Wow! I step away from the computer for Labor Day weekend and when I come back the fans are choked with fur. I’m pretty sure nothing on this site has generated the level of interest that the Palin nomination has – not even links to Steve Sailer. So thank-you, John McCain! She may not be the best for the ticket, or the best for America, but she’s been great for traffic!
And now, upon reflection, three serious points.
First, I think Ross’s correspondent has a point. To the extent those of us who are excited about the Palin pick are excited about Palin, there’s a real risk that by bringing her national in this way McCain ruins her. If all one wanted was national exposure for Palin, the keynote spot would have made more sense than VP. If she performs well, and the ticket loses (as I still expect it to), she’s got a future. But if she performs poorly, because she was shoved onstage too soon, she probably doesn’t, and that’ll be a shame.
Second, it is really striking how angry the anti-Palin voices are. I’m not going to link to Andrew Sullivan) because you know where to find him, but if you’re so inclined, check him out. It’s tempting to say the Obama partisans are angry because the pick is politically brilliant, and they are scared. I don’t think that’s most of it, though. I think most of it is refracted Bush hatred. Palin isn’t much like Bush, as far as I can see. (She’s more like Huckabee, another candidate who is manifestly not yet ready to be President but who I thought would make a great VP pick – and if Palin crashes and burns because she’s not ready for prime time, we’ll all have reason to regret McCain not picking Huckabee instead.) But I still think that’s the basis of the fury – she reminds too many people of how (they think) Bush was able to hoodwink a majority into voting against its own interests, and how they (the Democrats) were unable to counter that appeal.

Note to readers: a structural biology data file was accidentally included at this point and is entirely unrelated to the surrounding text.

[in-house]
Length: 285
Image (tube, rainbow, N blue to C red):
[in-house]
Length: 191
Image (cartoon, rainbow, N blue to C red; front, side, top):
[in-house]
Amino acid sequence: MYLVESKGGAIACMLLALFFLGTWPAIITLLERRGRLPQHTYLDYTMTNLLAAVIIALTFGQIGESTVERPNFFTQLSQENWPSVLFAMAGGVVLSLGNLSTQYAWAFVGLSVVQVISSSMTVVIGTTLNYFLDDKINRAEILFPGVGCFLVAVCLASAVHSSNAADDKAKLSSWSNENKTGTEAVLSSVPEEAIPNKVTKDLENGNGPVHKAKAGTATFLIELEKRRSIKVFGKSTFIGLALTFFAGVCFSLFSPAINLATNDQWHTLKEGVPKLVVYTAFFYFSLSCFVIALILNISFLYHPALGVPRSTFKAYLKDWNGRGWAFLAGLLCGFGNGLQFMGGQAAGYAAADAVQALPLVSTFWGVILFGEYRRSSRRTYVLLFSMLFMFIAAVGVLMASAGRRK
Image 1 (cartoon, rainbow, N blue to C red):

If that’s the case, and if the Democrats want to win, they really, really need to get control of their anger. The strategy of the anti-Palin forces is incredibly and obviously self-destructive, and the Obama campaign, at least, seems to have figured this out within a day of the announcement. I eagerly await the day his fans come to the same conclusion.
Finally, there are other detractors (e.g., Charles Krauthammer) who are strong supporters of McCain who are aghast that McCain is throwing away the experience argument. As all these folks voted for Bush in 2000 (who was somewhat more qualified to be President than Obama is, but not enormously so), they can’t believe that the more experienced candidate always ought to win. Nor can they believe he inevitably does win (1960, 1976, 1980, 1992, 2000). Rather, the argument is that, in these perilous times specifically, we cannot afford a chance that a political novice like Palin ascends to the Presidency. With Palin on the ticket, it’s harder for McCain to say: you can’t risk a neophyte like Obama given the existential threat from Islamofascism.